Record Display for the EPA National Library Catalog

RECORD NUMBER: 9 OF 12

OLS Field Name OLS Field Data
Main Title Health of Ferrous Foundrymen in Illinois.
CORP Author Public Health Service, Washington, D.C.
Year Published 1950
Report Number PHS-Pub-31;
Stock Number PB-215 926
Additional Subjects ( Occupational diseases ; Silicosis) ; ( Foundries ; Silicosis) ; ( Industrial medicine ; Silicon dioxide) ; ( Air pollution ; Silicon dioxide) ; ( Illinois ; Occupational diseases) ; Dusts ; Iron ; Industrial hygiene ; Respiratory diseases ; Pulmonary fibrosis ; Tuberculosis ; Skin diseases ; Public health ; Infoor air pollution ; Air pollution effects(Animals)
Holdings
Library Call Number Additional Info Location Last
Modified
Checkout
Status
NTIS  PB-215 926 Most EPA libraries have a fiche copy filed under the call number shown. Check with individual libraries about paper copy. 06/23/1988
Collation 132p
Abstract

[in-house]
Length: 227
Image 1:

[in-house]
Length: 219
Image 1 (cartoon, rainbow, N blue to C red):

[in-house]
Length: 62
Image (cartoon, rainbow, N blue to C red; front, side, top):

The report presents the clinical and environmental findings of a cooperative investigation into the exposures of ferrous foundry workers to silicosis and other hazards. Environmental investigations were made in 18 ferrous foundries, in which approximately 1,100 samples of air-borne dust were collected and studied. The amount of free silica in the air-borne dust varied with the operation and ranged from 13 percent at coremaking to 29 percent in pouring, shakeout and sand conditioning. The percentage of iron in the air-borne dust was found to range from 3 to 9 percent for all operations except casting cleaning, for which the proportion varied from 30 to 38 percent. Operational dust levels at various foundry activities in general were found to be much lower than those reported in earlier investigations. Concentrations of aldehydes were of a low order of magnitude. Carbon monoxide concentrations were relatively low in most instances. The most significant clinical findings dealt with those of the respiratory system. Pulmonary fibrosis of occupational origin was found in 9.2 percent of the men. Reinfection type of tuberculosis was found in 0.7 percent of white workers and in 1.7 percent of the Negroes. Skin diseases probably of occupational origin, was found in 1.7 percent of the men. The correlation of the clinical and environmental findings reveals that there is no reason to believe that dust conditions in the foundries studied have improved in the past 10 to 20 years.